The zips are strong, the design is exactly like I would have designed it myself and overall it is without a doubt the best camera bag I know of.  Looking forward to getting my hands on the two new Gura Gear products soon.  if you are looking for a Christmas gift for yourself, head over to the Gura Gear website and order one now!  They are spectacular.


Nikon 600mm f/4 VR


Nikon 600mm f/4 VR


Why am I taking it?

This was not originally on the packing list but on the last minute I was told about some nesting falcons on route which, rumour has it, might start bringing their new youngsters down from the nest round about know.  I know it’s a long shot but since I am driving up and packing space is not an issue I thought I would stick it in the back of the car.  Just in case.


So there you go.


Sounds like a lot?  Not at all.  It is a pretty basic setup and it all fits very nicely into my Kiboko bag.



Gura Gear 30L Kiboko Bag

On the one side of the bag, which opens in a butterfly type fashion I have the Nikon D3s and 200-400mm combo.  In the accessory flap just above it i have a lot of ‘stuff’ ranging from the remote control and memory cards to a laser pointer and sunscreen.



Gura Gear 30L Kiboko Bag


On the other side of the bag I have the Nikon D700 with 14-24mm combo as well as the 70-200mm.  In the zips just above it I have some lens cleaning cloths and in the accessory flap above it, same as the previous image, I have the camera chargers, memory card reader and other bits and pieces.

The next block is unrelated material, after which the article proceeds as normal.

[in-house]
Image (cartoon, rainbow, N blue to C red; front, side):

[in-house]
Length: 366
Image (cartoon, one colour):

Strap the tripod to the side of the bag and you have a handy little wildlife photography setup!



Gura Gear 30L Kiboko Bag


Other than all of this I will be taking my 13 inch Macbook Pro to download my images after every game drive and, time allowing, to work though and at the every least check through and mark the images I want to process when I get back.  Saves a lot of time and if you don’t do it you never catch up!


Oh yeah, one other thing I forgot to mention, but that you would have seen in the images, is that all our lenses have LensCoat covers fitted.  I highly recommend this as it keeps the lenses protected, it looks cool and apart from that their service is truly amazing.


Man, I am looking forward to getting out in the field again.  The nice thing about this weekend is that Andrew, Jono and myself can shoot for ourselves.  It is such an important thing to do, as a photographer, to take time and look for and create your own images and I believe a lot of us don’t do it often enough.  


Hopefully I will be able to share some exciting new images next week which, if we’re lucky, includes the new white lion cub that was recently born at Timbavati.  Holding thumbs for that one.


And then, once I have shared images and stories from our Timbavati photo weekend,  Andrew and I will be heading to the Chobe National Park next weekend.  But that, as they say, is a story for another day!  


If there is cellular signal in the Timbavati we’ll probably be posting a few tweets during the weekend so keep an eye out for that.  If not, I’ll see ya on the flip side!


Until next time.


Gerry van der Walt